So, Josh Hader is clearly the new closer in San Diego. Truly hope Devin Williams gets a chance to be the Brewers’ closer, but it’s been floated that the Brewers might like him in setup and roll Taylor Rogers out there for saves. Floated by whom? Me, right now, in these last few sentences. As for Esteury Ruiz, he was sent down, and Lamet is likely to be used in a similar role as in San Diego, for now, at least. Unless Kate Hudson can work her magic! Anyway, here’s what else I saw yesterday in fantasy baseball:

Please, blog, may I have some more?

For those of you old enough to remember a time before Survivor and American Idol, you might recall the era of Kaizen that permeated the economies of the 1980s and 90s. In Japanese, kaizen means something like “continuous improvement,” and it was one of those old pre-capitalist ideas that got co-opted by industrial society. So instead of like, running a bit farther every day or being 10% happier, the concept of kaizen turned into this phantasm of continual product improvement and personal productivity maelstroms. Maybe you’re running faster, but it’s because your job needs you to finish your work and somebody else’s work at the same time. Product sprints. Agility. Synchronicity (and not the album by The Police). But “continual improvement” done in the name of producing things faster, doesn’t necessarily mean that the actual product is any better.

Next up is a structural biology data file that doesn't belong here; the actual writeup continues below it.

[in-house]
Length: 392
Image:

It’s really not a surprise that the fantasy sports world also adopted this kaizen mentality — more products, somehow “improving,” but ultimately making fantasy players work harder. How many people are old enough to remember when a copy of Baseball America and a printer was the complete setup to play fantasy sports? Now we’ve got data providers everywhere. How many accounts do you have with a data provider? I’ve got [thinks for a while] six? I’m still learning about fantasy analysis sites that I’ve never heard of before, and I’ve consumed fantasy content on the regular since Firefly was on actual broadcast TV. And which provider is better? Is it the one that outputs data the quickest? Is it the one that makes you laugh? Is it the one that uses the least amount of preface to their articles?

All this to say: I’ve “improved” my system a bit this week. Is it actually better? Who knows. I worked on it, I’ll tell you that much. I used best practices and data-backed principles learned from years of study. I had a “Hypeonator” that said if a player was “Hype” or “Whack” and then I deleted it. I merely open doors — it’s up to y’all if you take the hype. That said, let me share a bit of the terminology that I’ll be bringing to the fore for the upcoming articles.